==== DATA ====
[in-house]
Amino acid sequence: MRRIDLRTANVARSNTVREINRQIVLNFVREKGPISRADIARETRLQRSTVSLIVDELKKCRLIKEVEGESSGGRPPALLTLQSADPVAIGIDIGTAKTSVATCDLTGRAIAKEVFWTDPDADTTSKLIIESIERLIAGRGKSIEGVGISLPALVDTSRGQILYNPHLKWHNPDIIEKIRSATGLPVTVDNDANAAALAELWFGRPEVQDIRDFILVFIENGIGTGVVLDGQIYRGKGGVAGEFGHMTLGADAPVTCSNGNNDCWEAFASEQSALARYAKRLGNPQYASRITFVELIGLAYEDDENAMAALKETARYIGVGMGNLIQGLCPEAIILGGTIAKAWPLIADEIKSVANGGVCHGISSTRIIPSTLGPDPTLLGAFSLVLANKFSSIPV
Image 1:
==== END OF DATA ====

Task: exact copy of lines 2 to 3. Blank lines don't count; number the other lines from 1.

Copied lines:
Amino acid sequence: MRRIDLRTANVARSNTVREINRQIVLNFVREKGPISRADIARETRLQRSTVSLIVDELKKCRLIKEVEGESSGGRPPALLTLQSADPVAIGIDIGTAKTSVATCDLTGRAIAKEVFWTDPDADTTSKLIIESIERLIAGRGKSIEGVGISLPALVDTSRGQILYNPHLKWHNPDIIEKIRSATGLPVTVDNDANAAALAELWFGRPEVQDIRDFILVFIENGIGTGVVLDGQIYRGKGGVAGEFGHMTLGADAPVTCSNGNNDCWEAFASEQSALARYAKRLGNPQYASRITFVELIGLAYEDDENAMAALKETARYIGVGMGNLIQGLCPEAIILGGTIAKAWPLIADEIKSVANGGVCHGISSTRIIPSTLGPDPTLLGAFSLVLANKFSSIPV
Image 1: